Influential Environments: School Gardens Impacting Arizona Children's Environmental Perspectives
AuthorCoe, Michelle Autumn
MetadataShow full item record
PublisherThe University of Arizona.
RightsCopyright © is held by the author. Digital access to this material is made possible by the University Libraries, University of Arizona. Further transmission, reproduction or presentation (such as public display or performance) of protected items is prohibited except with permission of the author.
AbstractManzo Elementary is located in Barrio Hollywood, a low-income neighborhood of Tucson, Arizona. Despite the school's low testing scores and small enrollment, Manzo was recognized as the Best Green School in the nation for 2012 by the U.S. Green Building Council and continues to receive positive media attention. This is because Manzo is thriving in areas of experiential learning and ecological initiatives through the use of its school garden. The school has built sustainability into the core of its curriculum and physical environment, integrating chickens, composting piles, rainwater cisterns, and desert biomes within its courtyards, classrooms and playgrounds. Literature on school gardens suggests that gardens heighten children's sense of place, time spent in the environment, and perceptions of natural areas. However, there is a large gap in the literature which focuses on the use of school gardens as an environmental learning tool, and the ways in which it can appeal and connect children and community partnerships from the perspective of those children involved. The research presented here is an attempt to close that gap by bringing Manzo students into the conversation on school gardens and experiential learning. This study looks at how students perceive their environment, how they are learning and acquiring new environmental knowledge, how they share that knowledge, and the actions and behaviors—both individually and collaboratively—that ensue.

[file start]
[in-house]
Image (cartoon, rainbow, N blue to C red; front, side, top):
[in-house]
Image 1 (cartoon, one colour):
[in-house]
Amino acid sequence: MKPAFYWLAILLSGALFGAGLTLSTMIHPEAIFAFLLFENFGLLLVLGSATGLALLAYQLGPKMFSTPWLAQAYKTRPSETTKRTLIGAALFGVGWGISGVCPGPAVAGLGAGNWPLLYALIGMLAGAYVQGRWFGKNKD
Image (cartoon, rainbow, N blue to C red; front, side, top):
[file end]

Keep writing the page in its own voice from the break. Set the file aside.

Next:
Degree ProgramGraduate College